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Wales Online
Wales Online
Neil Shaw

The key dates when we'll know who the next Prime Minister will be

Tory leadership hopefuls will need at least 100 MP supporters to get on the ballot paper to succeed Liz Truss. Tory party chairman Jake Berry said the board of the Conservative Party met at 4pm on Thursday and, in conjunction with the 1922 Committee, had decided on the process for selecting their new leader.

“We have decided that if the party should decide to put forward two candidates there would be an expedited, binding, online vote of Conservative Party members to choose its next leader,” Mr Berry said.

Committee chair Sir Graham Brady said challengers for the Tory leadership will need nominations from at least 100 Conservative MPs to make it to the next stage of the race to replace Liz Truss. After talks with the board of the Conservative Party and the executive of the 1922 Committee of Tory backbenchers that he chairs, the MP told reporters nominations will begin now and close at 2pm on Monday.

Read more: Mark Drakeford reacts to Liz Truss quitting Prime Minister stint so short they never spoke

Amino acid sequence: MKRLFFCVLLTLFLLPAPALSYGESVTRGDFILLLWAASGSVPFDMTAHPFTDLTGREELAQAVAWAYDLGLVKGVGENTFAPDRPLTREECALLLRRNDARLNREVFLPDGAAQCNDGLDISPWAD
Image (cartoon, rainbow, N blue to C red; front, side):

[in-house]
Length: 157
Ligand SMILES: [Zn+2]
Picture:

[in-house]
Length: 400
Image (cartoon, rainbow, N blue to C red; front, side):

If only one candidate MP receives more than 100 votes, then that candidate will be named leader of the Conservative Party, and the new Prime Minister, on Monday, October 24.

Should two candidates receive the requisite number of nominations from MPs, the ballot will open on Monday and is expected to close on Friday, October 28, to allow a new Prime Minister to take office in time for Chancellor Jeremy Hunt's Halloween financial statement. A Treasury source confirmed the plan is to go ahead with the medium term fiscal plan on October 31, which is expected to include sweeping cuts to public spending.

“Candidates will be expected to have at least 100 colleagues nominating them…” Mr Berry said. "Nominations will close on Monday to whittle down the field, before moving to an online vote for members if two candidates make it through."

Ms Truss was forced to resign as Prime Minister today after an only six-week long stint marred by chaos and bitter infighting. The crisis-hit Tory leader finally caved after a week where she lost Chancellor Kwasi Kwarteng and Home Secretary Suella Braverman - and was forced to rip up almost all of her economic plans.

Ms Truss, who is now the shortest-serving premier in history, confirmed she would quit Downing Street once a replacement had been chosen.

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